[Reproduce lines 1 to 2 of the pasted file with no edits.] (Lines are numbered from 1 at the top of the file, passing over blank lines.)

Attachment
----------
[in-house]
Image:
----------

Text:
[in-house]
Image: